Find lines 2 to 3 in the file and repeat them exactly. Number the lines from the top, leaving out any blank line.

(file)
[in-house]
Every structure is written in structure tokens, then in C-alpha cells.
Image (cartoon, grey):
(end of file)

Every structure is written in structure tokens, then in C-alpha cells.
Image (cartoon, grey):